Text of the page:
Apartment management company pays family of toddler injured in fall
On Dec. 7, 2004, plaintiff Lillyanna Romero, 3, and her mother, Nova Hicks, went to visit a friend at Mangum Terrace Apartments in Houston. While Hicks was visiting with her friend in a first-floor apartment, Lillyanna climbed the outdoor stairs to the second floor. She went under or through a balcony railing and fell about 6 feet onto the pebble surface below.
The property was owned by Delta I Investments.
Hicks, individually and on behalf of her daughter, sued Delta I Investments LLC, Houston, on a premises liability theory, claiming that the balcony railing gaps, which were 7 inches instead of the 4-inch maximum under the Houston Building Code, were unreasonably dangerous.
The plaintiff also sued the prior owner, Mangum Terrace Apartments, operating as Mangum Terrace LLC, but it did not answer.
Delta I argued that Lillyanna crawled under the railing and that there was no regulation governing the vertical space under a railing.
Delta I also contended that Hicks failed to supervise her child properly; that, because the complex was 40 years old, it was grandfathered out of the railing requirement; and that, regardless, the railings were not unreasonably dangerous. Also, four witnesses gave written statements saying that Hicks knowingly allowed Lillyanna to climb up and play on the second-floor railings, and one witness said that people had told Hicks to supervise Lillyanna and tell her to come down.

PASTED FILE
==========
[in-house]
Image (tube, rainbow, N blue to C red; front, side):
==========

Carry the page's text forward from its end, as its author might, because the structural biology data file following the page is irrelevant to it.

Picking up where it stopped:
Delta I also argued that it had owned the property for only 10 months and that it was in the midst of extensive repairs when the incident occurred.
The plaintiff’s attorney argued that the 4-inch requirement was not subject to grandfathering.
The fall broke Lillyanna’s right femur, and her mother rushed her to an emergency room. She required pins and a rod in her leg and was placed in traction. The pins were removed during the initial hospital stay, and the rod was removed a few months later. According to her treating doctor, Lillyanna recovered completely, with no likelihood of future complications.
The medical bills that were actually paid were less than $30,000. She also claimed pain and suffering.
Delta I settled for $325,000, to be paid by its insurer.